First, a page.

Reviews | Turkey, no friend of press freedom, finally sells Khashoggi
On March 31, the Turkish prosecutor in charge of the Khashoggi case requested that the trial be moved to Saudi Arabia, the very country that ordered the assassination. The prosecutor’s decision was a surprising U-turn by the government of Turkish President Recep Tayyip Erdogan, who counted Khashoggi as a friend. In the days and months following the murder, the Turkish government played a key role in implicating Saudi Arabia and Crown Prince Mohammed bin Salman, known as MBS, in the murder by releasing recordings, surveillance footage and other documents.
Handing the case over to Saudi Arabia, a repressive regime lacking even the pretensions of a free press or an independent judiciary, would deal a serious blow to any remaining chance of justice for Khashoggi’s killers. It will also send a chilling signal about Turkey’s respect for press freedom.
To be sure, Turkey has a far from stellar record when it comes to murdering and repressing journalists. The case of the eminent writer and journalist Musa Anter, who was assassinated in 1992 in Diyarbakir, has long languished without a solution. Similarly, the assassination of Turkish-Armenian journalist Hrant Dink in 2007 in the heart of Istanbul was attributed to the Gülenist network, but the masterminds behind the attack were never brought to justice.
The prosecution of Khashoggi’s murder reflects a real challenge for a Turkish judicial system whose independence is increasingly threatened by government interference. The decision to move the trial appears to be part of a wider policy shift from above to try to smooth relations with the oil-rich Saudi regime. It is hard to believe that a single prosecutor could have the “independent initiative” of such a request, which not only defies common sense, but questions the legal status and competence of the government.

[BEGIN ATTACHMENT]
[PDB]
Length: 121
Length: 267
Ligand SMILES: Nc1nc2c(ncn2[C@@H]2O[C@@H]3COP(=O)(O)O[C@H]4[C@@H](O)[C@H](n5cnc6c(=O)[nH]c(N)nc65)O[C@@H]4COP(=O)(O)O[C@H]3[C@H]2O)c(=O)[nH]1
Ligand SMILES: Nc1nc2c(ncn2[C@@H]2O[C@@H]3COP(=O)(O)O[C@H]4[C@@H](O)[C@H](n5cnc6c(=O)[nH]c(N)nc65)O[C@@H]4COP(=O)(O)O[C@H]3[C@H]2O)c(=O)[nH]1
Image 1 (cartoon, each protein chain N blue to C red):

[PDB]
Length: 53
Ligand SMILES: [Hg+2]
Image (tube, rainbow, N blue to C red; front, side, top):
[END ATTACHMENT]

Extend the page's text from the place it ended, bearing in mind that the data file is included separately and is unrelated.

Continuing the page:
As recently as 2019, Erdogan, writing in The Post on the anniversary of Khashoggi’s murder, said: “It’s no secret that there are many questions about the proceedings judiciary in Saudi Arabia. The almost total lack of transparency surrounding the trial, the lack of public access to hearings and the allegation that some of Khashoggi’s murderers enjoy de facto freedom does not meet the expectations of the international community and tarnishes the image of Saudi Arabia.
So we can also be excused if we express skepticism about Turkey’s reversal.
But there were earlier signs that the government’s resolve was starting to show cracks. Last March, the court denied a request by Khashoggi’s fiancée, Hatice Cengiz, to admit as evidence the declassified US intelligence report naming the crown prince as responsible for approving Khashoggi’s capture or murder. In fact, the investigation never directly targeted MBS.
Erdogan tried to have it both ways, posing and pretending to be outraged by his friend’s murder, while being careful not to damage the relationship with the kingdom. In 2020, Turkish Foreign Minister Mevlut Cavusoglu met his Saudi counterpart at a summit, a first between the two ministers since Khashoggi’s assassination. “A strong partnership between Turkey and Saudi Arabia will benefit not only our countries, but the whole region,” Cavusoglu said. wrote in a tweet.
It is now clear that Turkey – a serial offender when it comes to restriction of the press and freedom of expression – wasn’t going to keep up the pressure. Justice seems to be just a token to be exchanged for mutual political and economic benefit.
Khashoggi’s brutal murder shocked the world and sparked widespread outrage. But after three years and a weak international response to hold Saudi Arabia accountable, Turkey and Saudi Arabia — ranked 153rd and 170th respectively in the RSF World Press Freedom Index – seem content to let the affair fade from memory, with each regime ever more emboldened to act with impunity against the free press.
We can’t let them get away with it.